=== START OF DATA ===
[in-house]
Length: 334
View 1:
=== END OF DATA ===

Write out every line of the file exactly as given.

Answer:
[in-house]
Length: 334
View 1: